Analog Devices (NASDAQ: ADI) has been rocked by rumors of the loss of its spot in Apple's (NASDAQ: AAPL) upcoming iPhone. Its shares have underperformed the NASDAQ 100 Technology Sector index by a fairly wide margin this year (9% gains as compared to the sector's 21% jump) as shareholders' confidence has taken a hit. But savvy investors should look at Analog Devices' weakness as an opportunity in disguise.
Apple is not a huge component of Analog Devices' overall business, as Cupertino reportedly supplies around 12% of its total revenue. The chipmaker has enough catalysts that could mitigate any potential loss of business from the iPhone maker. This is why investors need to pay close attention to the company's third-quarter earnings report (scheduled for Aug. 30) and take a closer look at the two key trends that could impact its performance going forward.
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Industrial growth is a plus
Analog Devices' industrial business accounted for 44% of its total revenue last year, so the segment is crucial to the chipmaker's long-term growth. The good news is that the industrial business's growth has hit a higher gear this year, with revenue increasing 18% in the first six months of 2017.
The company's industrial business has been catalyzed by the acquisition of Linear Technology, which was completed in March. Linear's specialization in making chips for the industrial and automotive markets should be a boon for Analog Devices. The combined technological expertise of the two companies will allow Analog to make a bigger dent in these markets, which could be really big in the long run.
For instance, industrial and automation is one of Analog Devices' subsegments within the industrial business. This division seems set for consistent growth thanks to the growing implementation of real-time analysis of factory processes to reduce waste, increase productivity, and enhance automation. In fact, PricewaterhouseCoopers forecasts that factory automation could increase semiconductor demand by almost 10% a year until 2021.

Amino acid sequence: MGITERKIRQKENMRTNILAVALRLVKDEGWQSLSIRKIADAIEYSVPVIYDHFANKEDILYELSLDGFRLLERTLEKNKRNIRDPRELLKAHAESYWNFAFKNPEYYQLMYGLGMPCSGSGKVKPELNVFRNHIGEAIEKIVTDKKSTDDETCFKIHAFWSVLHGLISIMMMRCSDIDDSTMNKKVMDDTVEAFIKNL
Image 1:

Analog Devices' estimates suggest that factory automation could open up a $4 billion revenue opportunity by 2022 on the back of increased semiconductor demand. The company's annualized revenue from this arena currently stands at $500 million, while its total industrial revenue last year stood at just over $1.5 billion.
More importantly, Analog Devices seems well-placed to tap the opportunity in factory automation.
Automotive chips present opportunity
Analog Devices has been supplying automotive chips for quite some time, and gets 15% of its revenue from this space. The company generated $525 million of revenue from this segment in 2014 and is on track to pull in $578 million this year. That's a 10% increase.
But Analog investors will be expecting more from the company's automotive segment given the growth of the market and this is where Analog's Linear Technology acquisition will come into play, as the two companies generated a combined automotive revenue of $900 million last year.
Analog Devices investors can expect the automotive segment to gain more traction as it continues to integrate Linear into its business. More importantly, the acquisition has strengthened Analog's position in the automotive space by increasing its addressable opportunity. The company now believes that its business opportunity from each vehicle will increase to $600 in 2025 as compared to the current chip content worth $250.
Analog Devices' quarterly report and guidance for the rest of the year should make it clear whether the company has been able to retain its chip spot in the next iPhone. But investors shouldn't panic even if it misses out on the iPhone opportunity, because the secular growth opportunities in the automotive and industrial segments should give a nice boost to Analog Devices in the future.
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